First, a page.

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The Atlantic body frame and chassis

To get the Atlantic Coupe project underway, our initial areas of focus were the timber body frame and the Type 57S chassis.

Tom was very fortunate to be introduced to a talented craftsman in Germany in 2016 who could create the Atlantic body frame for us. The Bugatti Trust then provided the detailed information we needed to fabricate the chassis. The project had officially begun.

The Bugatti Atlantic Coupe Body Frame

Tom Andrews began researching and making international enquiries to locate a craftsman with the knowledge and expertise to create the wooden Atlantic body frame. The frame needed to be constructed with the same accuracy and precision that would have been used in 1936 at the Bugatti factory in Molsheim.

Through a fellow enthusiast in Germany, Tom was put in touch with Udolahr Von Joerges. Udolahr, known as Udo, is a master craftsman of Bugatti parts, including the timber body frames.

When Tom first visited Udo in 2016, there were two Atlantic coupe frames under construction at his workshop. These frames had been ordered by two different parties and were near completion. After seeing Udo’s incredible craftsmanship in person, Tom placed an order with him for the Bugatti Atlantic timber frame that we needed to build ‘La Voiture Noire’.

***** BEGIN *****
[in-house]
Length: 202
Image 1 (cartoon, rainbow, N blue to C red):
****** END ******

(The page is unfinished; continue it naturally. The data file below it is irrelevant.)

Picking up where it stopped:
The Body Pattern

We are unsure of the exact number of Bugatti Atlantic coupe recreations built over the past 45 years but we estimate it to be between sixteen to eighteen. The majority of these were built by a Danish engineer, Erik Koux.

To replicate the iconic shape of the Bugatti Atlantic coupes, Erik Koux and his friend, Bo Andersen, got permission to study and measure the 4th Atlantic coupe built, no 57591. Known today as the Ralph Lauren car, the Atlantic Coupe at that time was owned by Barrie Price. Koux and Anderson spent an entire week in England in 1974 and came away with templates, measurements and numerous photographs of the 57591 body. Over the next several years they made a 1:1 scale wooden body.

Two views of the wooden Atlantic Coupe body in a patternmaker's shop.
“The wooden body in the patternmaker’s shop.”
Source – The Bugatti Revue